Claramunt says salmon nose right up in the boil where it exits the plant, and any offerings need to sink quickly. Fly or spinning gear is fair game. Bead-head flies like Hare's Ears, Pheasant Tail Nymphs, Copper Johns, caddis larva and soft hackles all work. Jigs with wax worms produce, too. Claramunt likes fishing two hooks when targeting Atlantics—one with a bead-head nymph and a second with live bait.

The appearance of the Atlantics also coincides with the Hexagenia limbata mayfly hatch. Claramunt says it's easy to collect these mayflies, which fish slurp down like candy, from under streetlights using a paper bag. Salmon show up at the power plant in late June, and fish remain well into late October and early November when biologists start taking eggs from fish to rear a new batch of Atlantics.

  • The Rapids

This is the St. Mary's River's most famous Atlantic salmon destination. Getting there requires crossing the International Bridge to a parking lot and a boardwalk that takes you to the Rapids. The walk is scenic but treacherous. You must cross side channels where the water is crystal clear, the rocks are slippery, and a wading staff and a pair of high-traction wading boots are mandatory.

Guide John Giuliani ( is an authority on St. Mary's River Atlantic salmon. He mainly guides fly anglers, but he's experienced with other techniques, too.

When he meets new clients at the Rapids, he has them practice with a spey or two-handed switch rod. Within 30 minutes, he'll have them making serviceable casts. He prefers these rods because they make accurate long-distance casts (up to 80 or 90 feet) more efficiently than traditional fly rods, which require lots of false casting. However, he notes that spey and switch rods are also capable of short, precise casts, which can be made with a single motion of the rod. The longer rod allows the angler to keep more line out of the water to control the fly, whether swinging or drifting.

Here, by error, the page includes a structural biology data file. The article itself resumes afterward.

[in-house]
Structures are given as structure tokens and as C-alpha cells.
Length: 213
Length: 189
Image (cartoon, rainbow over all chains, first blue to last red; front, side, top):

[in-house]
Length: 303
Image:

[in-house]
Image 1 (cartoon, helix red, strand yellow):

At first glance, the Rapids look like a monotonous piece of water. It’s anything but. Light and dark patterns in the crystalline flow identify boulders, runs, depth changes, slots, sandstone ledges, shale benches and pockets that salmon use. The whole stretch is interlaced with pools and riffles that all potentially hold fish.

Giuliani says that Atlantic salmon relate to different locations than other salmonid species like steelhead. He suggests they often prefer holding in the sweet spot just ahead of boulders or right up on a flat shale bench. Various flies, including Muddlers, Bombers, Clouser Minnows and caddis patterns, will interest Atlantics. Most of these salmon are muscular 3-year-old fish weighing between 9 and 15 pounds.

The Rapids fishery remains hot through July and beyond as various salmonids filter in and out of the river. Later in the summer, Giuliani fishes the base of the Rapids from a boat. The Atlantics often herd schools of smelt to the surface at this time.

To catch them, Giuliani relies on several techniques. One is a traditional tactic called harling, with roots in old-school Scottish salmon fishing. Here, streamers are allowed to swing behind the boat while the trolling motor’s GPS anchor feature holds the boat in place. Giuliani will also cast soft plastics like flukes and swim baits when Atlantic salmon are busting smelt.


Buoyed by LSSU's successful stocking program, the MDNR has also jumped on the Atlantic salmon bandwagon in recent years. The state is now raising Atlantics at its Platte River and Harrietta hatcheries. In 2022, the goal is to raise 100,000 Atlantic salmon yearlings at the Platte River Hatchery (plus 35,000 additional Atlantics for Torch Lake) and another 80,000 yearlings at the Harrietta Hatchery for Lake Huron. The MDNR salmon will be stocked in Torch Lake, in the Au Sable River near Oscoda, in the Thunder Bay River and in Lexington Harbor.

In short, anglers may have even more Atlantic salmon options on Lake Huron in the coming years. Claramunt says the MDNR has been test-planting the salmon in rivers, harbors and bays to determine which planting sites yield the best results. He estimates there are approximately 500,000 Atlantic salmon in Lake Huron, but expects that number to increase in future years. All in all, it’s an exciting time to be a Midwest salmon angler.